Tag Archives: American music

RIP Onaje Allan Gumbs (1949 – 2020)

Onaje Allan Gumbs was an American pianist, best-known for having played with the fine fleur of American jazz.

 Genesis (1974)


As I prefer all roads to lead to Rome, and Rome is my book, the death of Onaje Allan Gumbs must inevitably lead to Strata-East Records, more specifically to Charles Sullivan’s album Genesis (1974) on which mister Gumbs played piano.

RIP Hal Willner (1956 – 2020)

Hal Willner was an American music producer and facilitator.

In my book Willner is primarily noted for his album Dead City Radio (1990), a spoken word album of William S. Burroughs recitations.

 Words of Advice: William S. Burroughs on the Road (2007) the interview with Willner on the making of Dead City Radio is at 1:07:40 and the recording of of a “Thanksgiving Prayer” is at 1:11:23.

I cannot remember if it was Gus Van Sant’s video “A Thanksgiving Prayer” (1991) or his film Drugstore Cowboy (1989) which visually introduced me to Burroughs.

Today, I learn that “A Thanksgiving Prayer” was a promotional video to Dead City Radio.

In the documentary Words of Advice: William S. Burroughs on the Road (2007) there is an interview with Willner on the making of Dead City Radio at 1:07:40 and the recording of of a “Thanksgiving Prayer” is at 1:11:23, sadly without the Gus Van Sant footage.

RIP Bill Withers (1938 – 2020)

Who Is He (And What Is He to You)?” (1972)

Bill Withers was an American singer-songwriter known for songs such as “Lean on Me”, “Use Me” and “Ain’t No Sunshine”.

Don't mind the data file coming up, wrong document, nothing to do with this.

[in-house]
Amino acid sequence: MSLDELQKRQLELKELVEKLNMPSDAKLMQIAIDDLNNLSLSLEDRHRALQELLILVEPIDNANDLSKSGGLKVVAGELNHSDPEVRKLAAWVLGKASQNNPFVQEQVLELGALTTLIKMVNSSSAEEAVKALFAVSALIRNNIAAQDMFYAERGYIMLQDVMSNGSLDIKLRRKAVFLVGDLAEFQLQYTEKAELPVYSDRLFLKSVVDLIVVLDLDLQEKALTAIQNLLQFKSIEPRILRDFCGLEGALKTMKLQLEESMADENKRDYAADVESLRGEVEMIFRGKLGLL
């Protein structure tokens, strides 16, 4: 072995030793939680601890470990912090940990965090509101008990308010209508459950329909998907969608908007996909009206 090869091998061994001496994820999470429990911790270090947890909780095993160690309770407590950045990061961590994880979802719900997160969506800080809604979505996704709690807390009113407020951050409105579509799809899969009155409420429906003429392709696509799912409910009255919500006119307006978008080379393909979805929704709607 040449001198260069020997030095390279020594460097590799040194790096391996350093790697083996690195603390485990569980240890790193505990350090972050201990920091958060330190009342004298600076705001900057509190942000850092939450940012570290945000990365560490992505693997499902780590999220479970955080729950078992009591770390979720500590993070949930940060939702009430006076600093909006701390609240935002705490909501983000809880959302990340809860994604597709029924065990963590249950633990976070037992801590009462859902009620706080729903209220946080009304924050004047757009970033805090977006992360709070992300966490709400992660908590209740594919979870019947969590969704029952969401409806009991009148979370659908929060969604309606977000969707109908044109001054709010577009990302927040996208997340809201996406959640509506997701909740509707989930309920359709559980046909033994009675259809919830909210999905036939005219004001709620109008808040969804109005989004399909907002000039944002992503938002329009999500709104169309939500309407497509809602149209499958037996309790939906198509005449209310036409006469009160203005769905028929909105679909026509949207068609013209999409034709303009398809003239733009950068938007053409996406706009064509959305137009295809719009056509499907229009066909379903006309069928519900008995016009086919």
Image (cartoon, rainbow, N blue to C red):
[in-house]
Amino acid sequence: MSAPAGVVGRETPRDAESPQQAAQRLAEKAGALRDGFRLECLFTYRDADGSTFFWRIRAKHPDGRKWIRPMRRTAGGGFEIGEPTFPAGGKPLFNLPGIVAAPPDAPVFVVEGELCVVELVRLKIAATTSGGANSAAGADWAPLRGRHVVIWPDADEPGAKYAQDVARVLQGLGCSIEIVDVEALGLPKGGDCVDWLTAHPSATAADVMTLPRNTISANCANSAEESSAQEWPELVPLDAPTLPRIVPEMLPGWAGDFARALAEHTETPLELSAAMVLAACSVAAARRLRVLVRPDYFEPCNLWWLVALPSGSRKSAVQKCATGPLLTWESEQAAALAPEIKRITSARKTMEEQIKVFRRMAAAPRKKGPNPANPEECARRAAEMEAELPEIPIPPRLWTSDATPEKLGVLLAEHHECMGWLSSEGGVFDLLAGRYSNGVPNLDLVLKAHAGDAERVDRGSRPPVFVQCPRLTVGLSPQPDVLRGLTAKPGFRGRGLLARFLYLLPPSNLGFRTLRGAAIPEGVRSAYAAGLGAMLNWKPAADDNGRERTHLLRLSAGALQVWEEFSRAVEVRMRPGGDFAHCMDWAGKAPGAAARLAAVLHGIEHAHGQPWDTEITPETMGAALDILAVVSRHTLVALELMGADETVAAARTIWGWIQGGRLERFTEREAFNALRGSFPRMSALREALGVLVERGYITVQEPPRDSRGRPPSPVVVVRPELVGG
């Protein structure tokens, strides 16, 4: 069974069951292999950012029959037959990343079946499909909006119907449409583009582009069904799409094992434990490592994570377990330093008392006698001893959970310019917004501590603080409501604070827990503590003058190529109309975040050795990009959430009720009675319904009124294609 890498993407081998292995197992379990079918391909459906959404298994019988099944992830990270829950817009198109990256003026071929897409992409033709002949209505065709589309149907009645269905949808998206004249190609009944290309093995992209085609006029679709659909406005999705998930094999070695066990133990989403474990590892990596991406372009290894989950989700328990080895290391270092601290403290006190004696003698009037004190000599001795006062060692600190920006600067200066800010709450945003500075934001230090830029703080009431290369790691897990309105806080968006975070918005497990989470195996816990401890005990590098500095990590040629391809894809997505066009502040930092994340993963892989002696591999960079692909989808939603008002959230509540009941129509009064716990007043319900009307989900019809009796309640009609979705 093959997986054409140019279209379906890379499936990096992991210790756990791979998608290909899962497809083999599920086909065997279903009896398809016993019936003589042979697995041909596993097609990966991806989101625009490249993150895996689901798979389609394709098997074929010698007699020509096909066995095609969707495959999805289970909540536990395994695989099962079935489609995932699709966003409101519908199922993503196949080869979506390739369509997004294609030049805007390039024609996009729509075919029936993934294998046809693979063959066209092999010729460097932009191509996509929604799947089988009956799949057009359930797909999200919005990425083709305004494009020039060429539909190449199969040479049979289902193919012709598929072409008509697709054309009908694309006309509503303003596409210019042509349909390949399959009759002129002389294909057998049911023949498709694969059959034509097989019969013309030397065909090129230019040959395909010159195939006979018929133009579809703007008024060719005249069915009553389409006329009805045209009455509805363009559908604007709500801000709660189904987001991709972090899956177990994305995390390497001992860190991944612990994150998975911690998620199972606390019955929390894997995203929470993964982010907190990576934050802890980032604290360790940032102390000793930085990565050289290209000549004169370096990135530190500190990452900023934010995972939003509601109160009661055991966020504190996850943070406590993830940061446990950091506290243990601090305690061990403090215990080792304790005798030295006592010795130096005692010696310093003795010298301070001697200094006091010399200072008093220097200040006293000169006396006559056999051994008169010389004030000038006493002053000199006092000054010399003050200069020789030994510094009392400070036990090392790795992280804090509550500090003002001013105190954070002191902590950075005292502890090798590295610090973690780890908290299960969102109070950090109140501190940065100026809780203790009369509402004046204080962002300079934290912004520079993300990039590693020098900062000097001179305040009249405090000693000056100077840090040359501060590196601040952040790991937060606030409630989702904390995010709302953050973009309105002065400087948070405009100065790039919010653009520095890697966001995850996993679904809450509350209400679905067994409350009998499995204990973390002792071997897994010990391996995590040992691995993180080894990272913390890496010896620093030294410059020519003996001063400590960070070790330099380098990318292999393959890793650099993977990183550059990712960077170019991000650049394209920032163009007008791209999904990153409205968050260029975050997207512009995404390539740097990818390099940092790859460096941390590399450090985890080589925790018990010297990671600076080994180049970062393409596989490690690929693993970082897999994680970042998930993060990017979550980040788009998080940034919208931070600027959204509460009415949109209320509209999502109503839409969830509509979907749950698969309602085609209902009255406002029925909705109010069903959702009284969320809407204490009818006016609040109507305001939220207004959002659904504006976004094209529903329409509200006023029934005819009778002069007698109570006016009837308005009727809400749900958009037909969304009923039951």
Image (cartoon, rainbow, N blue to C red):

I give you “Who Is He (And What Is He to You)?” (1972) because it’s one of the best adultery songs ever with the unforgettable opening lines:

A man we passed just tried to stare me down
And when I looked at you
You looked at the ground

While researching this death, I came across a rather smart piece of music criticism by the American author Robert Christgau (born 1942):

“Withers sang for a black nouveau middle class that didn’t yet understand how precarious its status was. Warm, raunchy, secular, common, he never strove for Ashford & Simpson-style sophistication, which hardly rendered him immune to the temptations of sudden wealth—cross-class attraction is what gives ‘Use Me’ its kick. He didn’t accept that there had to be winners and losers, that fellowship was a luxury the newly successful couldn’t afford.

RIP Cristina (1959 – 2020)

“Disco Clone” (1978)

Another coronavictim.

 Cristina was an American singer who belongs to the entourage of August Darnell and ZE Records.

By extension she was part of the whole ‘artistic disco’ stable of Patrick Adams, Arthur Russell, Larry Levan and Bob Blank.

You might also call the field she was active in self-conscious or tongue-in-cheek disco or sarcastic disco.

Too many words, I stop here.

RIP Ruth White (1925 – 2013)

The Litanies of Satan

This has happened seven years ago but even Wikipedia only noticed it in 2018.

Personally, I only noticed it today.

Ruth White (1925 – 2013) was an American composer noted for her work in early electronic music.

Of interest to me is her 1969 Baudelaire album, on which she reads 10 poems from The Flowers of Evil. This is really bizarre and reading her liner notes makes the experience only weirder. “The Litanies of Satan” is one of the poems that got him in to trouble.

RIP Kenny Rogers (1938 – 2020)

Kenny Rogers was an American singer mainly known for his work in country music.

Since I have but a flimsy a connection with that genre, my lemma on Mr. Rogers is satisfyingly brief.

However, early in his career, Kenny put out two quirky and interesting records.

Just Dropped In (To See What Condition My Condition Was In)” (1967)

The first is “Just Dropped In (To See What Condition My Condition Was In)“, a song that reflects the LSD experience and captures the short-lived psychedelic era of the late 1960s.

Ruby, Don’t Take Your Love to Town

Then there is “Ruby, Don’t Take Your Love to Town“, a song about the male angst of a paralyzed Vietnam war veteran and his wife who goes to town to find a lover.

The “Ruby” song concludes with the darkly ominous words “If I could move I’d get my gun and put her in the ground.” Bit of nasty femicide threat there for ya.